Rising Seas, or Falling Land Elevation?
Our shorelines are under attack, drastic changes show up in as little as one season.
But why, and, what can we do about it?
“The idea that Global Warming is a natural cycle is well understood from paleo data covering the past 1 million years. Is there a difference between current climate, and the natural cycle? For the past million years the natural climate has oscillated between warm periods and ice ages. This shifting in and out of warm periods and ice ages is correlated strongly with Milankovitch cycles. In order to understand the difference between natural cycle and human-caused global warming, one needs to consider changes in radiative forcing and how this affects systems on earth such as the atmosphere, vegetation, ice and snow, ocean cycles and related effects. The current radiative forcing levels are clearly outside of the natural cycle range.”**http://ossfoundation.us/projects/environment/global-warming/natural-cycle
In other words, we are likely seeing a natural cycle being exacerbated by man-made contributions.
However, our beleaguered shorelines are facing additional pressures other than climate change — like storms, shoreline construction, severe erosion, deeper ports to accommodate ever-larger ships, dredging, seawalls, and many other factors.
Whatever you believe, the problems facing our shorelines are substantial. Many people have heard the estimates of sea levels rising as much as a foot (30cm) by 2100. It is very possible it could be far more or less.
So why is it that the beach I walked on last summer now underwater?
It’s not “global warming”, it is beach erosion! The loss of elevation (volumes of sand) and the loss of the protective dunes — In a manner of speaking, is because the level of the land has dropped.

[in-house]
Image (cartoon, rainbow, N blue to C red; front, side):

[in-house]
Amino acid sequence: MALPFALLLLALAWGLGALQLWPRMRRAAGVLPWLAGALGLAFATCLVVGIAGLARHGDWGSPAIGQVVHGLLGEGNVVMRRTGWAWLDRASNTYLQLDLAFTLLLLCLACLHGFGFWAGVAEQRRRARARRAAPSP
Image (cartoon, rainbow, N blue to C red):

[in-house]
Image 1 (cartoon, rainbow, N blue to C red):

Ribbons of Sand: Beaches and shorelines are dynamic
Beaches and shorelines are dynamic but historically the net sediment loads (up and down the beaches) tended to be relatively stable. Now, many man-made impediments such as years of dams blocking natural fluvial erosion, loss of wetlands and buffer zones, shoreline construction, high-energy hard structures (groins and shoreline armoring) are reducing the sediment load and changing the littoral drift and nearshore current patterns. Unfortunately for many of our beaches, erosion pulls the sand to the loss point offshore and out of the normal system.
This is easily observed on nearly every shoreline in the U.S.A., to differing degrees. Here on the East coast of the U.S. it is common for beach “renourishment” to be performed primarily through dredging and the spoils are spread on the affected beach. But because the underlying causes (of high energy) are not addressed by the solution, very often the erosion will reclaim the “fixed beach” in a matter of months or a few years. See how similar the damage is on two beaches, thousands of miles apart.
Can this problem be mitigated?
The simple answer is “Yes”. If you have a 5-foot beach elevation and a 1-foot sea-level rise, you are still 4-feet above sea-level.
Your shoreline is still protected. But we are routinely seeing beach elevation losses to erosion in feet, not just inches.
Technology is available, such as the Enviroshore Stabilization System (ESS) that de-energizes the wave energy allowing for the re-sedimentation process to resume, thus reversing erosion and “building” elevation. Systems installed in the 1980’s using similar methods to ours resulted in sustained and continuous sand replenishment. These beaches became better at “holding” sand and absorbing energy. These beaches become wider and higher. Aside from being better at absorbing storm wave energy, they have the added benefit of being a feeder beach supplying sand to adjacent locations and creating a cycle of sustainable, wider beaches.EnviroShore Systems, Inc.
Erosion and the loss of land is an acute problem facing every shoreline community. A better effort has to be made to allow for solutions like ESS. In most cases, States, counties and municipalities fall back on short-sighted “solutions” that are known to exacerbate erosion and are environmentally destructive. Current regulations and classifications make it difficult to implement new methods, but we’re changing that.